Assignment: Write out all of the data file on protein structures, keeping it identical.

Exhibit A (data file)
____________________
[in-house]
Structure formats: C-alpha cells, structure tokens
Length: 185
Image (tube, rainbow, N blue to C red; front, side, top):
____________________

[in-house]
Structure formats: C-alpha cells, structure tokens
Length: 185
Image (tube, rainbow, N blue to C red; front, side, top):